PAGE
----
AI Large Language Models breaking law ‘on massive scale’

AI Large Language Models breaking law ‘on massive scale’

The Publishers Association's CEO Dan Conway tells UK MPs about the danger of LLMs

by Suswati Basu
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In a recent session before the UK’s Communications and Digital Committee, Dan Conway, CEO of the Publishers Association, raised alarm bells about Large Language Models (LLMs) and their alleged widespread infringement of copyright law. During the session, Conway emphasised the need for the safe and responsible development of AI technologies. The session also featured insights from experts Arnav Joshi, Richard Mollet, and Dr. Hayleigh Bosher, shedding light on the complex intersection of copyright law, intellectual property, and AI innovation.

Full committee meeting from Parliament TV.

Large language models and copyright infringement

Conway, representing the Publishers Association, kicked off the discussion by acknowledging the potential of LLMs and technological advancements but expressed concern about their current state. He highlighted that LLMs are infringing on copyrighted content on a massive scale, citing the existence of the “Books3 database,” which contains pirated book titles ingested by these models. According to Conway, the content ingestion is vast, and the LLMs are not properly licensing this material, thereby violating copyright laws.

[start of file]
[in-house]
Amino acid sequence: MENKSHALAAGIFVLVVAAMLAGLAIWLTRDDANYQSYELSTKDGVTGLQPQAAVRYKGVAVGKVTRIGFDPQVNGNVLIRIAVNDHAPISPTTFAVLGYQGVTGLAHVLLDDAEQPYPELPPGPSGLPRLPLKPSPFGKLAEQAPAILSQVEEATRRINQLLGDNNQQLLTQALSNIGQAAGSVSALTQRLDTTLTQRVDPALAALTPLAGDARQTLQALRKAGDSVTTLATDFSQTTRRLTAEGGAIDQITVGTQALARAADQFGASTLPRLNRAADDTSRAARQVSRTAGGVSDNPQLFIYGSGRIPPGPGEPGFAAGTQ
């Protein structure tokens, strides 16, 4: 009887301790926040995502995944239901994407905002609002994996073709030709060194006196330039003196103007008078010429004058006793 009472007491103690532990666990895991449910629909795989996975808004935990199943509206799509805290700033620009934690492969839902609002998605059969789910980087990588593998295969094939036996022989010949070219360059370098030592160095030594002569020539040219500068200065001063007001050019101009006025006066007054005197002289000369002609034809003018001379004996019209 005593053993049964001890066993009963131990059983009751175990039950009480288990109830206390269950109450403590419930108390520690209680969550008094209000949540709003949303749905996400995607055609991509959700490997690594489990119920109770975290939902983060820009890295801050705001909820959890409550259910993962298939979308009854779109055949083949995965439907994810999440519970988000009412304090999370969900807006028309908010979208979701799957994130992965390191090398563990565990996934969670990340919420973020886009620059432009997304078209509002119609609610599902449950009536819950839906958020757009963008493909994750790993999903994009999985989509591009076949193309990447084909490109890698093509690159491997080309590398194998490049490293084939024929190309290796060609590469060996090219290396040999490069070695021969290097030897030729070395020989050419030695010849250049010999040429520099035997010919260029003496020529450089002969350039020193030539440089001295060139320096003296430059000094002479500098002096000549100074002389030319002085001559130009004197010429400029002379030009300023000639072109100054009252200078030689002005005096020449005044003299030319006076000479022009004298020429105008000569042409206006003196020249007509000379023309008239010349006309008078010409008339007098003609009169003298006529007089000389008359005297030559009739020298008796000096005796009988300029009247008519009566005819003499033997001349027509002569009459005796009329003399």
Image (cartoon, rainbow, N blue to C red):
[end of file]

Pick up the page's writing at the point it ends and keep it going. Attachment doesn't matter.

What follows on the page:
Read: Praise for MPs’ bid to protect songs and books from AI mining

Conway stated, “They’re not currently being compliant with IP law. We’ve had conversations with technical experts around the processes undergone by these large language models, and it is our contention to the committee that these large language models infringe copyright at multiple parts of the process.”

“[It] is our contention to the committee that these large language models infringe copyright at multiple parts of the process in terms of when they collect this information, how they store this information, and how they handle it. So it’s our contention that copyright law is being broken on a massive scale.”

Dan Conway, Publishers Association CEO

Dr. Hayleigh Bosher, an expert in intellectual property law, reiterated the principle of copyright: to grant creators the right to decide how their work is used and whether a license is required. She asserted that AI’s actions, such as ingestion, running programs, and generating content, would typically require a license as they involve reproducing copyrighted works without permission.

Read: Creative bodies urge UK PM: safeguard copyright at AI Summit

Clifford Chance Senior Associate Arnav Joshi, focusing on digital regulation and data protection matters, deferred to other panel members but underlined the need for clarity and guidance for companies navigating the complexities of AI development and data protection.